The answer is no, there is no such program.

Let me say, first, that allowing countably infinitely many states into the program is basically equivalent to having a finite program with a real
parameter, since one can have a master control program that consults the real parameter to see what it should do next; this would align things a little closer with how the theory is usually undertaken. But it is of no consequence, and I can go along with your infinite program.

Suppose that $p$ is one of your programs, and we run it on an ordinal-length empty
tape, and suppose that it halts at time $\omega_1$. Consider the
relativized constructible universe $L[p]$, and observe that the
operation of the program $p$ is absolute to this universe $L[p]$.
Indeed, if $\theta>\omega_1$, then the operation of the machine is
absolute to $L_\theta[p]$, which will therefore observe that the
program halts at stage $\omega_1$. By the Löwenheim-Skolem
theorem and condensation, there is a countable ordinal $\gamma$
with an elementary embedding $L_\gamma[p]\precsim L_\theta[p]$. It follows that $L_\gamma[p]$
also observes that $p$ halts at the ordinal
$\omega_1^{L_\gamma[p]}$, which is a countable ordinal less than
$\gamma$. But the operation of the machine at stages below $\gamma$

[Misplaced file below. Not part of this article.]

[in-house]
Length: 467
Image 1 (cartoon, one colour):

is absolute to $L_\gamma[p]$, and so the program must really halt
at that countable stage, contradicting out assumption.

The argument shows that every such program, even allowing countably infinitely many states, must halt at a countable stage, if it halts at all.

Another way to see this is to point out that the halting nature of a program is a $\Sigma_1$ expressible fact about the program, and so if this $\Sigma_1$ statement about $p$ is true, then it will become true by the first $\Sigma_1(p)$ stable ordinal, which is countable.

Meanwhile, the very first theorem of my paper

shows that in the case of infinite time Turing machines, which allow a tape of length $\omega$ rather than Ord as in your question, every halting computation must halt at a countable stage. Indeed, every computation either halts or strongly repeats at a countable stage.